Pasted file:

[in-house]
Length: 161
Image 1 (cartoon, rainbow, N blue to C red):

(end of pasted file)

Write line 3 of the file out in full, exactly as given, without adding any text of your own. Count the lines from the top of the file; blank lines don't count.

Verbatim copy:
Image 1 (cartoon, rainbow, N blue to C red):